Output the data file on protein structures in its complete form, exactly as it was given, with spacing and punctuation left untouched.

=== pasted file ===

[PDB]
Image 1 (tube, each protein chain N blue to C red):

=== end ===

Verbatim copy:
[PDB]
Image 1 (tube, each protein chain N blue to C red):